The Nottingham Canal - a photographic exploration
I have to admit, I didn’t expect to find anything quite as beautiful in the Erewash Valley when I started my research. For a canal which has largely been forgotten since the 1970s, when the short-lived Nottingham Canal Society existed, a huge amount remains. Unusually, this canal is still partly navigable, and connected to the rest of the system, at both ends. The southernmost two of the original locks are used regularly as part of the Trent Navigation, along with Beeston Cut, to bypass the River Trent in Nottingham. The upper basin, and final stop lock where it joins the Cromford Canal as part of the Great Northern Basin complex, is used for moorings at Langley Mill.
But what of the other 12¼ miles and 17 locks which were built between the two? What would be the obstacles to restoration - and why should anyone bother? My first reason for suggesting this is the purely pragmatic one of providing a river-free route to Nottingham from the midlands. This would include passing through a restored Derby and Sandiacre Canal and would also give access, just across the Trent in Nottingham, to the Grantham Canal. This is actually quite important; many boaters only reach as far as Shardlow in their explorations - because of a perceived risk in navigating any river - and so miss out on a lot that Nottingham, and the East Midlands, have to offer. The canal itself passes through D H Lawrence country - an incentive for many more to visit - and, as I discovered, there is some outstanding scenery. If we include a restored Cromford Canal, there is a lot of unrealised tourist potential in these valleys.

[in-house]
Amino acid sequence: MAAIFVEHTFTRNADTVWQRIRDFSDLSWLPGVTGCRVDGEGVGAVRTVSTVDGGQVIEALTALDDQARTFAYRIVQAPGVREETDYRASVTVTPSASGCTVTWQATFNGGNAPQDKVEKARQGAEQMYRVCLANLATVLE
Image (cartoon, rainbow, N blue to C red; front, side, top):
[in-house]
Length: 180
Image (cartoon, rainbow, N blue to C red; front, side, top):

It is also rare in canal restoration for so many of the original major road crossings to still be in situ. That is not to say there are no major obstacles - but there is absolutely nothing which has not been dealt with before elsewhere in the country - especially on the trans-pennine waterways. Before describing the route in detail I would have to say that my final reason for publishing this is in the hope that it will inspire someone to restart a Nottingham Canal Society and at least work with local authorities to encourage and assist them to preserve better what remains; initially, to improve wildlife habitats and access to areas for canoeing and walking. Even if this is as far as it gets, they are still worthwhile objectives. Broxtowe District Council has improved the footpath route from Langley Mill to Attenborough as part of the Erewash Valley Trail. This incorporates much of the Nottingham Canal route. So now seems a good time to strike!